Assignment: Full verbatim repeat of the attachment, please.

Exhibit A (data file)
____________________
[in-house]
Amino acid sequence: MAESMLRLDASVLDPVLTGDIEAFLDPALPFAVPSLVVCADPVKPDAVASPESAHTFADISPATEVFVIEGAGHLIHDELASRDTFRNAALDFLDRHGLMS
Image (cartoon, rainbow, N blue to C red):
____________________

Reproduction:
[in-house]
Amino acid sequence: MAESMLRLDASVLDPVLTGDIEAFLDPALPFAVPSLVVCADPVKPDAVASPESAHTFADISPATEVFVIEGAGHLIHDELASRDTFRNAALDFLDRHGLMS
Image (cartoon, rainbow, N blue to C red):